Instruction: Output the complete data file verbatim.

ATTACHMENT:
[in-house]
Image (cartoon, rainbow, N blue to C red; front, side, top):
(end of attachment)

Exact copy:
[in-house]
Image (cartoon, rainbow, N blue to C red; front, side, top):